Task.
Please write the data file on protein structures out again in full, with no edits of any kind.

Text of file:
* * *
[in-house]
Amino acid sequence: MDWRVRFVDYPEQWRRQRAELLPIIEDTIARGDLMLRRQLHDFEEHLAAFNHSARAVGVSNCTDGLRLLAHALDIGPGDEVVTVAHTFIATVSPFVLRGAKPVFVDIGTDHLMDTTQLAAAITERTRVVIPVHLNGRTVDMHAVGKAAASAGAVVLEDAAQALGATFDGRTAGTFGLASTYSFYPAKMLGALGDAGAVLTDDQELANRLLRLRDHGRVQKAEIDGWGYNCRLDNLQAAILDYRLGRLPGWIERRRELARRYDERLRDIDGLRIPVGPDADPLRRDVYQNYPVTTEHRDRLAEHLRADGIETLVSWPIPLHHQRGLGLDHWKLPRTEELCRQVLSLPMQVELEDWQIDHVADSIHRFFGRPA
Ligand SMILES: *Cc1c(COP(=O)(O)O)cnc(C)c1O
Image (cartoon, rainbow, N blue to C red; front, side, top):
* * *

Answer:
[in-house]
Amino acid sequence: MDWRVRFVDYPEQWRRQRAELLPIIEDTIARGDLMLRRQLHDFEEHLAAFNHSARAVGVSNCTDGLRLLAHALDIGPGDEVVTVAHTFIATVSPFVLRGAKPVFVDIGTDHLMDTTQLAAAITERTRVVIPVHLNGRTVDMHAVGKAAASAGAVVLEDAAQALGATFDGRTAGTFGLASTYSFYPAKMLGALGDAGAVLTDDQELANRLLRLRDHGRVQKAEIDGWGYNCRLDNLQAAILDYRLGRLPGWIERRRELARRYDERLRDIDGLRIPVGPDADPLRRDVYQNYPVTTEHRDRLAEHLRADGIETLVSWPIPLHHQRGLGLDHWKLPRTEELCRQVLSLPMQVELEDWQIDHVADSIHRFFGRPA
Ligand SMILES: *Cc1c(COP(=O)(O)O)cnc(C)c1O
Image (cartoon, rainbow, N blue to C red; front, side, top):